Article
Early-Onset Colorectal Cancer: Are Neuroendocrine Tumors or Adenocarcinomas the Culprit? Analysis of the Largest U.S. Cancer Incidence Database, 2001–2020
by Yazan Abboud, Madison Fraser, Imran Qureshi and Kaveh Hajifathalian
J. Clin. Med. 2024, 13(4), 1098; https://doi.org/10.3390/jcm13041098 - 15 Feb 2024
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Abstract
(1) Background: While prior data showed an increasing incidence of colorectal cancer (CRC) in young adults, the contribution of adenocarcinoma (ADC) and neuroendocrine tumors (NETs) to this trend is not well studied. Therefore, we conducted a comparative analysis of the incidence rates and [...] Read more.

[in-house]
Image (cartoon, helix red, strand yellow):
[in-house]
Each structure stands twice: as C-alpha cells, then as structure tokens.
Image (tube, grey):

(1) Background: While prior data showed an increasing incidence of colorectal cancer (CRC) in young adults, the contribution of adenocarcinoma (ADC) and neuroendocrine tumors (NETs) to this trend is not well studied. Therefore, we conducted a comparative analysis of the incidence rates and time trends of colorectal ADC and NETs in young adults (aged 24–54) using the United States Cancer Statistics (USCS) database. (2) Methods: Age-adjusted CRC incidence rates between 2001 and 2020 were calculated and categorized by sex, histopathology, and stage at diagnosis. Annual percentage change (APC) and average APC (AAPC) were computed via joinpoint regression utilizing weighted Bayesian information criteria to generate the simplest trend. Pairwise comparative analysis of ADC and NETs was conducted using tests of identicalness and parallelism. (3) Results: In this study, 514,875 patients were diagnosed with early-onset-CRC between 2001 and 2020 (54.8% men). While CRC incidence was significantly increased, including both ADC (448,670 patients) and NETs (36,205 patients), a significantly greater increase was seen for NETs (AAPC = 2.65) compared to ADC (AAPC = 0.91), with AAPC difference = 1.73 (p = 0.01) and non-identical non-parallel trends (p-values < 0.001). This was most notable in males (AAPC difference = 1.81, p = 0.03) and for early-stage tumors (AAPC difference = 3.56, p < 0.001). (4) Conclusions: Our study, covering ~98% of the U.S. population provides the first comparative analysis of early-onset CRC histopathological subtypes, showing that the rate of increase of NETs in young adults is much greater than that of ADC. Given that patients with NETs with malignant behavior can experience significant mortality, our findings are importance, highlighting the rapidly increasing NET incidence in young adults and encouraging early screening that can improve outcomes. Full article